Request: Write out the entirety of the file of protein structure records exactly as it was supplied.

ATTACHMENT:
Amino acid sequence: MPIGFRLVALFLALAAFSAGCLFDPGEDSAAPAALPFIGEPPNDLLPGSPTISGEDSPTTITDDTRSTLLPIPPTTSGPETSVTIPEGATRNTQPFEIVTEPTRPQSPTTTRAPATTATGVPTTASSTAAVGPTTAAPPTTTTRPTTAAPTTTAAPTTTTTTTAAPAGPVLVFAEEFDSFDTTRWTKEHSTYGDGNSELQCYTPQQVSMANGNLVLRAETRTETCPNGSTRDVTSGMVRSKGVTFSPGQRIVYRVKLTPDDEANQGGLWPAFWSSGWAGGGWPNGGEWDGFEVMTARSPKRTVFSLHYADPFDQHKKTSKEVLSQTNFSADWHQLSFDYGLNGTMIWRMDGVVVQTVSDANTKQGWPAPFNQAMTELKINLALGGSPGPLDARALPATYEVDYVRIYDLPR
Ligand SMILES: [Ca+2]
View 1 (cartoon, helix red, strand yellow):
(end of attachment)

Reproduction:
Amino acid sequence: MPIGFRLVALFLALAAFSAGCLFDPGEDSAAPAALPFIGEPPNDLLPGSPTISGEDSPTTITDDTRSTLLPIPPTTSGPETSVTIPEGATRNTQPFEIVTEPTRPQSPTTTRAPATTATGVPTTASSTAAVGPTTAAPPTTTTRPTTAAPTTTAAPTTTTTTTAAPAGPVLVFAEEFDSFDTTRWTKEHSTYGDGNSELQCYTPQQVSMANGNLVLRAETRTETCPNGSTRDVTSGMVRSKGVTFSPGQRIVYRVKLTPDDEANQGGLWPAFWSSGWAGGGWPNGGEWDGFEVMTARSPKRTVFSLHYADPFDQHKKTSKEVLSQTNFSADWHQLSFDYGLNGTMIWRMDGVVVQTVSDANTKQGWPAPFNQAMTELKINLALGGSPGPLDARALPATYEVDYVRIYDLPR
Ligand SMILES: [Ca+2]
View 1 (cartoon, helix red, strand yellow):